Accessible Travel

  • The term deficientes (Portuguese for 'disabled') gives some indication of the limited awareness of disabled needs. Although public offices and agencies are required to provide access and facilities for people with disabilities, private businesses are not.
  • Lisbon airport is wheelchair accessible, while Porto and Faro airports have accessible toilets.
  • Parking spaces are allotted in many places, but are frequently occupied. The EU parking card entitles visitors to the same street-parking concessions given to disabled residents.
  • Newer and larger hotels tend to have some adapted rooms, though the facilities may not be up to scratch; ask at the local turismo. Most campgrounds have accessible toilets, and some hostels have facilities for people with disabilities.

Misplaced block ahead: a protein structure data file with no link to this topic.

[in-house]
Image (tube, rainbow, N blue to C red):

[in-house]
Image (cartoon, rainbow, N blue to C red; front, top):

• Lisbon, with its cobbled streets and hills, may be difficult for some travellers with disabilities, but not impossible. The Baixa’s flat grid and Belém are fine, and all the sights at Parque das Nações are accessible.

Download Lonely Planet's free Accessible Travel guide from http://lptravel.to/AccessibleTravel, or for more information, contact one of the following organisations:

Accessible Portugal This Lisbon-based association promotes accessible tourism and is the brains behind the excellent TUR4all Portugal app (Android and iOS), which works like a database of accessible tourist resources and services throughout Portugal and Spain.

Secretaria do Nacional de Reabilitação The national governmental organisation representing people with disabilities supplies information, provides links to useful operations and publishes guides (in Portuguese) that advise on barrier-free accommodation, transport, shops, restaurants and sights.